then its file system may no longer remain hidden. none of the other file systems are affected. The "partition type" code for a primary or logical partition can either correspond to a file system contained within (e. The FAT16 and FAT32 file systems have made use of quite a number of partition type codes over time due to the limits of various DOS and Windows OS versions. PC BIOS partition types This section describes partitions as used in MS-DOS.damaged. In MS-DOS and earlier versions of Microsoft Windows systems. or 1-3 primaries and a single extended partition. this can depend on other factors. Though a Linux operating system may recognize a number of . code 0xBC may mean an Acronis Secure Zone and code 0x82 usually indicates a Linux swap partition). Other operating systems may not share this limitation. for examples of partitioning schemes used in other operating systems. Each of these partitions are described by a 16-byte entry in the Partition Table which is located in the Master Boot Record. The "type" of a partition is identified by a 1-byte code found in its partition table entry. A PC hard disk can contain either as many as four primary partitions. 0x07 means either an NTFS or an OS/2 HPFS file system) or indicate the partition has a special use (e. (Note: There are no officially assigned partition types. Once a specific partition's type has been identified. more than one kind of file system may lay claim to the same code value.) Primary (or Logical) A primary (or logical) partition contains one file system. the first partition (C:) must be a "primary partition". additional information about its purpose and probable contents may be found (see: List of partition identifiers for PCs as one such resource). thus. but most are used by operating systems that examine partition tables to decide if a partition contains a file system they can mount/access for reading or writing data. Microsoft Windows and Linux on PC compatible computer systems. however.g. such as a PC's BIOS. Some of these codes (such as 0x05 and 0x0F) may be used to indicate the presence of an extended partition.g. some type codes are used to hide a partition's contents from various operating systems. if an OS or some partitioning tool has been programmed to also examine the boot sectors of any partition. For example. see Slice (disk) and BSD disklabel. However. and the drive's data may still be salvageable.

the C: drive. a hard disk with one primary partition and one extended partition. however. Proponents of multiple partitions generally point to the benefit of being able to erase a single partition (typically the operating system itself) while retaining the other data. under either DOS or Windows. swap and all remaining files under the "/" (root directory) is possible. etc. where the operating system. Unix For Unix-based and Unix-like operating systems such as Linux and Mac OS X. deletion and movement of partitions. D: and E: (in that order). applications. For example. When used in conjunction with third-party partition management programs such as Acronis True Image. Windows Vista includes an inbuilt 'Disk Management' program which allows for the creation. and trojan horses or an otherwise damaged. they have all consistently used the same partition type code: 0x83 (Linux native). (The same is true for Sun operating systems. /home. /usr. each of which is (under DOS and Windows) assigned additional drive letters. corrupt or compromised operating system. except their partitions are called slices. the creation of separate partitions for /boot. the rest of the data (the . Norton Partition Magic. the latter containing two logical drives. ext3. prefer to create multiple partitions so that the operating system can be stored separately from other kinds of data. Partitioning schemes Microsoft Windows With Microsoft Windows. which can then be subdivided into logical drives.) Such a scheme has a number of potential advantages: if one file system gets corrupted. user data.). the use of multiple partitions allows computer users to quickly recover from viruses. Some users. Norton Ghost. or specialized recovery programs that come with computers manufactured by most major manufacturers. and page file all reside.different file systems (ext2. /tmp. reiserfs. A hard disk may contain only one extended partition. /var. Extended An extended partition is secondary to the primary partition(s). would typically be assigned the three drive letters: C:. /opt. See Extended Boot Record for information on the structure of an extended partition. rootkits. the standard partitioning scheme is to create a single active primary partition.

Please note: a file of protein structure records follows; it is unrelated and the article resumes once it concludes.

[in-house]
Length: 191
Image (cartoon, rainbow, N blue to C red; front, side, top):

increases flexibility by allowing data in volumes to expand into separate physical disks (which can be added when needed). partitions can be accessed read-only and the execution of setuid files disabled thus enhancing security. Specialized recovery utilities. can locate lost file systems and recreate a partition table which includes entries for these recovered file systems. Mac OS X systems use a single "/" (root directory) containing the entire filesystem (including the swap file) as a point of simplicity (but other setup options do exist). For example. often used in servers. another option is to resize existing partitions when necessary.) is used to delete a partition. in general. minimizing data loss. A good implementation requires the user to predict how much space each partition will need. so a user could run out of hard drive space in his or her /home partition. performance may be enhanced due to less disk head travel. which may be a difficult task. it still remains on the disk until being overwritten. Logical Volume Management.other file systems) stay intact. This method has the disadvantage of subdividing the drive into fixed-size partitions. However. . By default. only its partition table entry is removed from a table. Partition recovery When a partition is deleted. Typical desktop systems are often comprised of a single "/" (root directory) containing the entire filesystem plus a much smaller swap partition. if Windows Disk Management (Windows 2000/XP. it will overwrite the first sector (relative sector 0) of the partition before removing it. some disk utilities may also overwrite a number of beginning sectors of a partition they delete. It may be possible to restore a FAT32 or NTFS partition if a backup boot sector is available. even though other partitions still have plenty of usable space. especially for new users. and although the data is no longer accessible. (such as TestDisk and gpart). etc.